Background: Several studies suggested crosstalk among components of hemostasis, inflammation and immunity pathways in the pathogenesis and neurodegeneration in multiple sclerosis (MS). Methods: 138 MS patients and 42 healthy individuals (HI) were assessed with 3T MRI. Plasma levels of coagulation inhibitors (PC, TM, EPCR, PS, TFPI, PAI1), of chemokines (CCL18), and soluble adhesion molecules (sNCAM, sICAM1, sVCAM1, sVAP1), assayed by Multiplex and ELISA, were analyzed by partial correlation. Association of protein levels with MRI outcomes was performed by regression analysis. Results: In both MS patients and HI, levels of PC-CCL18, PC-PAI1, and PC-TFPI were correlated. Only in HI, levels of PC-PS, PS-PAI1, PS-VAP1 and PS-sVCAM1 were correlated. Only in MS patients, levels of TM were positively correlated with adhesion molecules, particularly with sICAM1, suggesting release from membranes favored by endothelial “injury”/alteration. In MS patients, regression analysis showed that higher PC levels were associated with lower brain volumes, including brain parenchyma (p=0.002), gray matter (p<0.001), cortex (p=0.001), deep gray matter (p=0.001), and thalamus. These associations were detectable in relapsing remitting-MS but not in progressive-MS patients. The Multiplex assay was able to detect more efficiently activated PC (APC) than zymogen PC. However, the modest APC plasma concentrations would be masked by the 2-orders of magnitude higher concentration of inactive, zymogen PC in plasma. Higher CCL18 levels were associated with higher T2-lesion volumes in all MS patients (p=0.03), and in the progressive-MS (p=0.003). In the progressive-MS, higher CCL18 levels were also associated with lower volumes of gray matter (p=0.024), cortex (p=0.043), deep gray matter (p=0.029), and thalamus (p=0.022). Conclusions: PC plasma concentrations might be associated with neurodegenerative MRI outcomes in MS. Disease-related PC pathway dysregulation is suggested by several protein level correlation differences between MS patients and HI. Differences between clinical phenotype groups in association of PC and CCL18 circulating levels with MRI outcomes might be related to different stages of neurodegeneration. Taking into account that CCL18 is involved in immune cell chemotaxis, the correlation of PC with CCL18 levels, both associated with neurodegeneration, suggests a novel hemostasis-immune pathways relation.

Association of plasma Protein C and CCL18 levels with neurodegenerative measures in Multiple Sclerosis patients

Ziliotto N;
2020

Abstract

Background: Several studies suggested crosstalk among components of hemostasis, inflammation and immunity pathways in the pathogenesis and neurodegeneration in multiple sclerosis (MS). Methods: 138 MS patients and 42 healthy individuals (HI) were assessed with 3T MRI. Plasma levels of coagulation inhibitors (PC, TM, EPCR, PS, TFPI, PAI1), of chemokines (CCL18), and soluble adhesion molecules (sNCAM, sICAM1, sVCAM1, sVAP1), assayed by Multiplex and ELISA, were analyzed by partial correlation. Association of protein levels with MRI outcomes was performed by regression analysis. Results: In both MS patients and HI, levels of PC-CCL18, PC-PAI1, and PC-TFPI were correlated. Only in HI, levels of PC-PS, PS-PAI1, PS-VAP1 and PS-sVCAM1 were correlated. Only in MS patients, levels of TM were positively correlated with adhesion molecules, particularly with sICAM1, suggesting release from membranes favored by endothelial “injury”/alteration. In MS patients, regression analysis showed that higher PC levels were associated with lower brain volumes, including brain parenchyma (p=0.002), gray matter (p<0.001), cortex (p=0.001), deep gray matter (p=0.001), and thalamus. These associations were detectable in relapsing remitting-MS but not in progressive-MS patients. The Multiplex assay was able to detect more efficiently activated PC (APC) than zymogen PC. However, the modest APC plasma concentrations would be masked by the 2-orders of magnitude higher concentration of inactive, zymogen PC in plasma. Higher CCL18 levels were associated with higher T2-lesion volumes in all MS patients (p=0.03), and in the progressive-MS (p=0.003). In the progressive-MS, higher CCL18 levels were also associated with lower volumes of gray matter (p=0.024), cortex (p=0.043), deep gray matter (p=0.029), and thalamus (p=0.022). Conclusions: PC plasma concentrations might be associated with neurodegenerative MRI outcomes in MS. Disease-related PC pathway dysregulation is suggested by several protein level correlation differences between MS patients and HI. Differences between clinical phenotype groups in association of PC and CCL18 circulating levels with MRI outcomes might be related to different stages of neurodegeneration. Taking into account that CCL18 is involved in immune cell chemotaxis, the correlation of PC with CCL18 levels, both associated with neurodegeneration, suggests a novel hemostasis-immune pathways relation.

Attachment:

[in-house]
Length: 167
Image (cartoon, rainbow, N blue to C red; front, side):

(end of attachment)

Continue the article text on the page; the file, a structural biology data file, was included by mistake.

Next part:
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Utilizza questo identificativo per citare o creare un link a questo documento: http://hdl.handle.net/11568/1141011
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